A Beautiful Mind

I started my studies in mid 2007. Back then, I was optimistic, well motivated, perfectly organised in my life and research schedule. I got married in mid 2008. All was well, and I was a happy young woman, looking forward to the future.

A few months after my marriage, my husband left to work abroad. I was on my own, seeing my husband only once a month. This situation lasted for 2 years! I missed him so much! I started feeling depressed, but research was my priority: I used to work very hard, spending ridiculously long hours on my thesis.

14489060_mlThings got far worse in 2011. After submitting my thesis, I received ‘revise and resubmit’ when I had my viva. I was devastated. Could I make it? Would I ever complete this PhD? I had not realised how bad things were until I started suffering from frequent migraines and severe insomnia in 2012. I could not sleep properly, no matter what. At the same time, I developed severe obsessive compulsive disorders. Yes, the obsessive numbering kind of thing … Eventually, I was briefly hospitalised after a panic attack. Soon after I started hearing voices inside my head.

I talked to my doctor. It was very difficult doing so. I was scared, embarrassed, I felt vulnerable. I also felt that I had gone ‘bananas’ and I was ashamed of my situation. My PhD resubmission stayed on hold. I talked to my supervisor and received extensions. I started taking medicines in early 2013. The doctor made it explicit that I need counselling as well as taking medicines.

22104732_mlUnfortunately, mental health problems still remain a taboo in academia. I did not want to associate my ‘academic persona’ with schizophrenia. Who would ever hire me? Who would ever offer me funding or a post-doc? I would be ‘stigmatized’ for ever. I wasn’t even sure if I did the right thing when I told my department about my condition, but in the end my doctor convinced me that I need help, and even personally wrote to my department twice! I was lucky to have received help from people who were very supportive and did their job properly.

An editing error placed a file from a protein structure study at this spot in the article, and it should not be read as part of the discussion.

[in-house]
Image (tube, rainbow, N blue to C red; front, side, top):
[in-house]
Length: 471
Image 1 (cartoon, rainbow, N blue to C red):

And then a little miracle happened. I started seeing one of the counsellors of my university. I used to see her once a month – she helped me stand on my feet, control my anxiety and insomnia and motivate myself to resubmit. I still take my medication, I am not 100% mentally well, but at least I resubmitted my thesis and eventually passed the second viva with minor corrections!

I now feel better. I have also landed my first academic job and I am about to publish my PhD thesis as a book. I hope that my story inspires students and academics to keep going, even if they face mental health problems.



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4 Responses

  1. Anon says:

    Short but sweet. Glad your Faculty was on board because it appears this is often not the case. In theory, the university should be a place that supports mental health and mental illness. In my experience, the long, protracted nature of mental health recovery and the daily management it requires tends wear thin on Supervisors and Peers. Its so exhausting trying to support your own mental health and educate others about your condition, how it impacts your work and life

  2. Priya says:

    Thanks for sharing this post, it’s incredibly brave and honest! Ditto the comment above, it’s very comforting to know when others have been or are struggling with similar problems and have managed to succeed regardless. Do keep up the blogging, your site is marvellous!

  3. Thanks for the raw honesty in this post. Although I haven’t experienced what you describe here, it is important to discuss the mental health issues that often arise en route to completing a doctorate. I am discovering that feelings of inadequacy and desperation are not all that uncommon, yet we rarely or never talk about this. The doctoral student often feels alone and as if they’re the only one having this experience. The more I read and engage with other doctoral students around these issues, the less isolated I feel. So glad that your story turned out well.

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